- Mourning Becomes Biography
A man, yet by these tears a boy again, Throwing myself on the sand, confronting the waves, I, chanter of pains and joys, uniter of here and hereafter, Taking all hints to use them, but swiftly leaping beyond them, A reminiscence sing.Walt Whitman, “Out of the Cradle Endlessly Rocking”
Fourteen months after his wife’s death, on March 29, 1832, Ralph Waldo Emerson walked from Boston to the cemetery in Roxbuxry where she lay buried. “I visited Ellen’s tomb,” he wrote in his journal later that day, “and opened the coffin” (7). He said nothing more.
Unadorned and unexplained, Emerson’s gesture incarnates the drama of grief, human and macabre. A neophyte transcendentalist, twenty-eight years old, he stares at his wife’s remains as if to assure himself that she is really dead. Having looked, perhaps now he can say goodbye, transferring her safely into the realm of mind where she’ll doubtless suffer far less decay than in the grave. But whatever Emerson’s private motive for lifting the coffin lid, his curiosity is oddly akin to the biographer’s: who is this person, Emerson seems to be asking, where has she gone, and how can I square what she is with what she was?
Just a few months after peering into his wife’s tomb, Emerson considered writing a series of biographical lectures— not about his wife, that would have been too radical, too painful—but about so-called representative men. “I would evoke the spirit of each, and their relics might rot,” he [End Page 437] promised himself (1832), as if recalling his recent Roxbury visit. “I would walk among the dry bones,” he declared, “& wherever on the face of the earth I found a living man I would say here is life & life is communicable” (35). Death, evidently, is not. But some insight into its incomprehensibility, its outrage, and its baffling finality is what Emerson, like any biographer, is after.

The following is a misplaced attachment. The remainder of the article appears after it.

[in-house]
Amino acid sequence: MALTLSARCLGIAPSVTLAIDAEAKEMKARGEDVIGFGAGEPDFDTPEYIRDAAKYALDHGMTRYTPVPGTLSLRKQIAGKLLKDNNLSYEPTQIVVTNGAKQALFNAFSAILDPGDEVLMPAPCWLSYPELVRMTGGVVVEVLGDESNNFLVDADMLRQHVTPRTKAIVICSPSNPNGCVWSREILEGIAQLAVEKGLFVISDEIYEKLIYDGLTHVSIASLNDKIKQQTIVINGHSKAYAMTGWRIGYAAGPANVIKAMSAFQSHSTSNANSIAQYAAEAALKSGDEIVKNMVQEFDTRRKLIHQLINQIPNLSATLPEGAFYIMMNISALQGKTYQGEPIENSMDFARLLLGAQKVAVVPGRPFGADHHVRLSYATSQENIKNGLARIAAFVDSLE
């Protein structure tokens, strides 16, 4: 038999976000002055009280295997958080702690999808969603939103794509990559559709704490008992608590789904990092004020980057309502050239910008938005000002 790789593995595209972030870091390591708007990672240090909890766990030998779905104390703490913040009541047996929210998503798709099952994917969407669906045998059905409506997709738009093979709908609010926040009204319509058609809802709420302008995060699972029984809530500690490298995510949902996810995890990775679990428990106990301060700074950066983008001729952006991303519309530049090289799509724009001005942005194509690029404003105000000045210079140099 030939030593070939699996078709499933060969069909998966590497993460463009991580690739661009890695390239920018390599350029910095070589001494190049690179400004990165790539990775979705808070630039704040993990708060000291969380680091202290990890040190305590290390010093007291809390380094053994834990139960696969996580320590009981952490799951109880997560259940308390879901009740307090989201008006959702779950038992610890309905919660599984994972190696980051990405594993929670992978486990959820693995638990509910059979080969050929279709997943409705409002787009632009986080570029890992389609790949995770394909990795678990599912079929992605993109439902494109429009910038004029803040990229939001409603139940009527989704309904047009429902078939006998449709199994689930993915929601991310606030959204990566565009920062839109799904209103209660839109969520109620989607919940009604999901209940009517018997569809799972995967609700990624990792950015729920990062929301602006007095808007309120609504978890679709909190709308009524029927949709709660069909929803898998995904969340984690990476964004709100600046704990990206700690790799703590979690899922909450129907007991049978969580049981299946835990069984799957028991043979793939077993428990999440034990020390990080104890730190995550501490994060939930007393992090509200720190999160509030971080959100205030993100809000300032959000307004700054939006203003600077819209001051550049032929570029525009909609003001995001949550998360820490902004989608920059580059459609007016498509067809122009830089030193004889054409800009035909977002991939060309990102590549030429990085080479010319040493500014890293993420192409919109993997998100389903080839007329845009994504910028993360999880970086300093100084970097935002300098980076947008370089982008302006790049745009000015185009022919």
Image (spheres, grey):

Understandably—it’s a terrific start—the image of Ralph Waldo Emerson peeking into his wife’s coffin jolts the reader of Robert Richardson’s recent Emerson biography, Emerson: Mind on Fire (1995). Replete with suspense and a touch of the morbid, the image defies parochial wisdom about Emerson (a man without a handle, the elder Henry James once said). But both Emerson’s palpable grief and Richardson’s use of it signal something more than the one’s transcendent prurience or the other’s narrative craft. They suggest that at its heart biography resembles Emerson’s graveside mourning. At its heart, biography is a graveside mourning.
For with a curiosity as compulsive as Emerson’s, the biographer pries open coffins, beckoning the reader into a harrowing world where the dead are not quite dead, the forgotten never forgotten. After all, biography begins in loss. Loss lurks ‘round every corner. It nips at the biographer’s heels just when she thought she outmaneuvered it by resurrecting, so to speak, the dead. (For the biographer, even living subjects must “come to life,” which, if it means anything, means that biography depends on representation. And representation, of course, is a simulacrum of the what’s-not-there.)
Indeed, the entire biographical project is suffused with the sadness of loss. Amidst all her documents and between the lines of her prose, the biographer knows that whomever she seeks will not and cannot come to her. Still, like the mourner, she turns her subject over and over in her mind, remembering details that no one else notices or cares for. Her subject stands behind every door, in every empty shoe; and most of all, she knows that her subject is gone, missing, truant. So she sings, she itemizes, she catalogues with a fury of detail: like Walt Whitman, she speaks of things that teem with life, hoping they can fill a void. [End Page 438]
At the beginning of his Walt Whitman: A Life, Whitman’s biographer Justin Kaplan (1980), seats the good gray poet amidst the accumulated objects of a lifetime: “Civil War mementos, things under glass bells, whatnots, and dust catchers . . . manuscripts, old letterhead and billheads thriftily saved and written...